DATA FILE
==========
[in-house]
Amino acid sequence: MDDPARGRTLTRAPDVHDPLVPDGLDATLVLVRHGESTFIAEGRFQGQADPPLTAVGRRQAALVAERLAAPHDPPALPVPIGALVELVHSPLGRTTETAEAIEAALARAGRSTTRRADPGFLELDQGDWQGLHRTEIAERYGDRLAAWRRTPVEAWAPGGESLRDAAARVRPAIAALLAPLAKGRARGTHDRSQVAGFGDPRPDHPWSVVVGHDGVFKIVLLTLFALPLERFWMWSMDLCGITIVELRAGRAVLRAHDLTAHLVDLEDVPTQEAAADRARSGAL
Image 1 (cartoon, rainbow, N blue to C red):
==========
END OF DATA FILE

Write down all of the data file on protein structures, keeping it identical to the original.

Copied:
[in-house]
Amino acid sequence: MDDPARGRTLTRAPDVHDPLVPDGLDATLVLVRHGESTFIAEGRFQGQADPPLTAVGRRQAALVAERLAAPHDPPALPVPIGALVELVHSPLGRTTETAEAIEAALARAGRSTTRRADPGFLELDQGDWQGLHRTEIAERYGDRLAAWRRTPVEAWAPGGESLRDAAARVRPAIAALLAPLAKGRARGTHDRSQVAGFGDPRPDHPWSVVVGHDGVFKIVLLTLFALPLERFWMWSMDLCGITIVELRAGRAVLRAHDLTAHLVDLEDVPTQEAAADRARSGAL
Image 1 (cartoon, rainbow, N blue to C red):